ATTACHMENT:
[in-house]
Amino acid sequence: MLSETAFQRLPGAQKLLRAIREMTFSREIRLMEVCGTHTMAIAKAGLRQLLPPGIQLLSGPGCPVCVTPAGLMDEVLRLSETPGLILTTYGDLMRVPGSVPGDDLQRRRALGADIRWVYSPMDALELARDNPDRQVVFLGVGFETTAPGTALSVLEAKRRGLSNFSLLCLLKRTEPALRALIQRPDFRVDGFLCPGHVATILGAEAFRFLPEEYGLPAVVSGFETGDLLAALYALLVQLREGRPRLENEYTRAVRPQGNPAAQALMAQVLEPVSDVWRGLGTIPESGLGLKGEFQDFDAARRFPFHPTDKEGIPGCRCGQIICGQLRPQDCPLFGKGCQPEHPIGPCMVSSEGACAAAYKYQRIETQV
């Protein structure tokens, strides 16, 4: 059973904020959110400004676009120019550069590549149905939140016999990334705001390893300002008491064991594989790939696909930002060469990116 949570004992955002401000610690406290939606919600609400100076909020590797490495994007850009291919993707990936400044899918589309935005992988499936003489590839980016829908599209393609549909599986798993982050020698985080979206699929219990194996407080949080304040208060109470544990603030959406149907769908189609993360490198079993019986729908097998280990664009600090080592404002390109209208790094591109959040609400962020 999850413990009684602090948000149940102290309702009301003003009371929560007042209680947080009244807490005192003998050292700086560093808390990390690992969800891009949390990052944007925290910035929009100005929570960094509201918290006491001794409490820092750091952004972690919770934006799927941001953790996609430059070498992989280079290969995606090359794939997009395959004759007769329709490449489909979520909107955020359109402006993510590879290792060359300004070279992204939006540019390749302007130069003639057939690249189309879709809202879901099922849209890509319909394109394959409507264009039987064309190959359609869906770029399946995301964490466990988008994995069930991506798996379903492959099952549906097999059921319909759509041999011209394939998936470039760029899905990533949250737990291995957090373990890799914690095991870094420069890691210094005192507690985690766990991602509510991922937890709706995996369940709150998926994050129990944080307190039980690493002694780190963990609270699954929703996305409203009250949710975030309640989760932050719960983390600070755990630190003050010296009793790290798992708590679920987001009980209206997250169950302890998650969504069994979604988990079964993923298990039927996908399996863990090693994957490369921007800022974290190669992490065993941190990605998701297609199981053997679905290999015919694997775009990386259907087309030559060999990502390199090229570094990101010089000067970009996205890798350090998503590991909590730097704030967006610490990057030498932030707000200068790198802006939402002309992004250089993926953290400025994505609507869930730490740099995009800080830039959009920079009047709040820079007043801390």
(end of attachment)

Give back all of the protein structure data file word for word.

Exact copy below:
[in-house]
Amino acid sequence: MLSETAFQRLPGAQKLLRAIREMTFSREIRLMEVCGTHTMAIAKAGLRQLLPPGIQLLSGPGCPVCVTPAGLMDEVLRLSETPGLILTTYGDLMRVPGSVPGDDLQRRRALGADIRWVYSPMDALELARDNPDRQVVFLGVGFETTAPGTALSVLEAKRRGLSNFSLLCLLKRTEPALRALIQRPDFRVDGFLCPGHVATILGAEAFRFLPEEYGLPAVVSGFETGDLLAALYALLVQLREGRPRLENEYTRAVRPQGNPAAQALMAQVLEPVSDVWRGLGTIPESGLGLKGEFQDFDAARRFPFHPTDKEGIPGCRCGQIICGQLRPQDCPLFGKGCQPEHPIGPCMVSSEGACAAAYKYQRIETQV
């Protein structure tokens, strides 16, 4: 059973904020959110400004676009120019550069590549149905939140016999990334705001390893300002008491064991594989790939696909930002060469990116 949570004992955002401000610690406290939606919600609400100076909020590797490495994007850009291919993707990936400044899918589309935005992988499936003489590839980016829908599209393609549909599986798993982050020698985080979206699929219990194996407080949080304040208060109470544990603030959406149907769908189609993360490198079993019986729908097998280990664009600090080592404002390109209208790094591109959040609400962020 999850413990009684602090948000149940102290309702009301003003009371929560007042209680947080009244807490005192003998050292700086560093808390990390690992969800891009949390990052944007925290910035929009100005929570960094509201918290006491001794409490820092750091952004972690919770934006799927941001953790996609430059070498992989280079290969995606090359794939997009395959004759007769329709490449489909979520909107955020359109402006993510590879290792060359300004070279992204939006540019390749302007130069003639057939690249189309879709809202879901099922849209890509319909394109394959409507264009039987064309190959359609869906770029399946995301964490466990988008994995069930991506798996379903492959099952549906097999059921319909759509041999011209394939998936470039760029899905990533949250737990291995957090373990890799914690095991870094420069890691210094005192507690985690766990991602509510991922937890709706995996369940709150998926994050129990944080307190039980690493002694780190963990609270699954929703996305409203009250949710975030309640989760932050719960983390600070755990630190003050010296009793790290798992708590679920987001009980209206997250169950302890998650969504069994979604988990079964993923298990039927996908399996863990090693994957490369921007800022974290190669992490065993941190990605998701297609199981053997679905290999015919694997775009990386259907087309030559060999990502390199090229570094990101010089000067970009996205890798350090998503590991909590730097704030967006610490990057030498932030707000200068790198802006939402002309992004250089993926953290400025994505609507869930730490740099995009800080830039959009920079009047709040820079007043801390």